Go Play Outside


We’re just back from Bowman’s Hill’s annual Land Ethics Symposium (http://www.bhwp.org/educational/Symposium.htm) and I’m all fired up to jump back into the fray and change the world. But what had the biggest effect on me was that two of the presenters spoke of mothers who threw them out the door every morning, pockets stuffed with sandwiches or fruit, and told them to go play outdoors.

It reminded me of my own mother, who insisted I play outside and “get some fresh air on your body.” Today’s moms would, no doubt, be horrified that I was out in the woods “cooking” dirt and grass to eat and tasting the barks of various trees and shrubs as I believed the Indians had. Our parents taught my brother and I about the dangers of poison ivy, poison oak, and poison sumac, rattlesnakes and copperheads, so we survived.

We returned from our trips to the quarry with pockets full of stones and spent hours poring over our science encyclopedia and field guides trying to identify our “collections,” birds, trees, berries, and stars in the night sky.

We got almost no science training in school.

When I no longer required my brother’s “supervision,” I dragged my best girlfriend to the railroad yards down near the marshes, where we would watch them wash the trains, and spy on the “bums.” I noticed that the marshes and their birds were very different from the woods.

This is how children learn about the natural world. To understand it and connect with it, they have to be allowed to explore it. Children have an innate curiosity about bugs, butterflies, worms, rocks, plants, trees, birds, water, animals, spiders, snakes, salamanders, turtles, and fish. Reading about these on a computer cannot replace the experience of interacting with them in their natural environment.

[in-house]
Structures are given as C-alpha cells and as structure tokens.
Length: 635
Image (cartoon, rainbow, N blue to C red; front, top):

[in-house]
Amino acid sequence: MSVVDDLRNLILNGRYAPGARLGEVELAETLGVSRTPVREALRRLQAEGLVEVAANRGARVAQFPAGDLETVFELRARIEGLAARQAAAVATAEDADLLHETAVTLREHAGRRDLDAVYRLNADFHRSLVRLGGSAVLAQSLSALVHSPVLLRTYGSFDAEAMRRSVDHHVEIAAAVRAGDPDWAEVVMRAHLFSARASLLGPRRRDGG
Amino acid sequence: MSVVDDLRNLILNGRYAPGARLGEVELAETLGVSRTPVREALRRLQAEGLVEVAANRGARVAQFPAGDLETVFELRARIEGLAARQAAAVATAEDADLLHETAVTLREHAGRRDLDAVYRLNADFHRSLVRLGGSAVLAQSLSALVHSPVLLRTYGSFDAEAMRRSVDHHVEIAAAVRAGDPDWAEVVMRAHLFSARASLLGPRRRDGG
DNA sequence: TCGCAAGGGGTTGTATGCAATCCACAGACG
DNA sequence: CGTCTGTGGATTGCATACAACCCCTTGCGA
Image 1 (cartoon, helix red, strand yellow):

As I listened to Grant Jones (http://www.jonesandjones.com/ ) talk about his youthful fascination with Puget Sound, and Jason Lubar ( http://www.business-services.upenn.edu/arboretum/uf/arbconsult-who.htm ) talk about playing in the Pennsylvania woods, I suspected that the harmonic wave that passed through me, was passing through many of my colleagues in the audience – environmentalists, landscape architects, engineers, and educators. How many of their career choices or avocations were influenced by mothers who said, “Go play outside?”

It’s never too late, no matter what your age or life experience. Go play outside and reconnect with nature.

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